We Need to Talk About Kevin, Lionel Shriver – book review
The novel is written as a series of letters from the mother of mass murderer Kevin Khatchadourian to her husband. The mother is Eva Khatchadourian, and Armenian-American woman who loves to travel the world and built a business empire from travel books. The letters begin in November of 2000, two years after Kevin murdered class-mates and school staff in a carefully planned massacre for which he harbours no regret.
As the chapters unfold we build a picture of a woman pressured into motherhood by her all-American husband, Franklin. The prose style is indicative of a pretentious and self-involved snob, who thankfully becomes more sympathetic as her story unfolds. It looks at how society blames mothers (but not fathers) for the crimes of their children, and a mother’s generalised fear that any lack of parental skills on their part, might create a sociopath.
The story isn’t solely about Kevin. Eva’s dislike of American culture and her complicated relationship with her own mother, and the effect of mass media on our society are all important themes. However, when Eva does write about Kevin she describes a forceful and indignant baby, which she feared even before his birth, and failed to emotionally bond with as an infant. A boy who delighted in torturing his mother, vandalising her room, refusing food, toys and attention. What is built through this constant rejection is an erosion of self that mothers too often experience, but writ large, because Kevin is a terrifying, calculating, lying and abusive boy.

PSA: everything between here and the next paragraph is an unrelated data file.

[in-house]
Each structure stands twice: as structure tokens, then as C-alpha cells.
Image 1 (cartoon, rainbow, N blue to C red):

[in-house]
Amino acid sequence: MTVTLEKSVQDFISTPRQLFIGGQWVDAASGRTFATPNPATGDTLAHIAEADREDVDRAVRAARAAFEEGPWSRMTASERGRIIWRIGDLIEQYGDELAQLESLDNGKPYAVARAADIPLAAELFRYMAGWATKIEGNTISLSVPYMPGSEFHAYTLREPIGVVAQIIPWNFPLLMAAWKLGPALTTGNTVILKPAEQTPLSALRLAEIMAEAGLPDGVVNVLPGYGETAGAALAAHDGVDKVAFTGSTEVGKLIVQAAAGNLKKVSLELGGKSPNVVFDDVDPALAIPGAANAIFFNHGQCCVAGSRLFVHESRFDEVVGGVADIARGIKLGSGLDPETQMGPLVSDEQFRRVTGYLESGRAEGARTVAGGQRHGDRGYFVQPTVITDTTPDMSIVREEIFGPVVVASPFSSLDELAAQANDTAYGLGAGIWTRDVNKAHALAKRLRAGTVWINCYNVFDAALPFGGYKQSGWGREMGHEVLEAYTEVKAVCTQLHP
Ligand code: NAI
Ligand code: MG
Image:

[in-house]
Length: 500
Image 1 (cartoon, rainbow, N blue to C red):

Franklin assumes that any failure lies with Eva, and that Kevin is a bright and loving son. She continues begging her estranged husband to believe her two years after their son was arrested. Eva may be vindicated by history, but her fears were ignored or explained away by Franklin, throughout Kevin’s childhood, while Kevin’s dark influence grew more oppressive in Eva’s imagination. A family tragedy involving a bottle of drain-fluid might elevate Kevin to quick-thinking hero in his father’s mind, but Eva finds it easier to believe Kevin is to blame when his little sister loses an eye.
A question asked with real life school shootings might be, how did the parents not see it coming? Eva does see something coming, perhaps not exactly what happens, but something unforgivable; the trouble is no one believes her. And this gas-lighting of women’s fears and the assumption that a mother, however accomplished, will put her life on hold for her children is at the heart of this novel.
Why did Kevin do it? No one knows, not even Kevin himself.